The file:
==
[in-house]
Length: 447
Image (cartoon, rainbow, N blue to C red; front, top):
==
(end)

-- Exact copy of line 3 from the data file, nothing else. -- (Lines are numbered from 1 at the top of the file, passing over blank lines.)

Image (cartoon, rainbow, N blue to C red; front, top):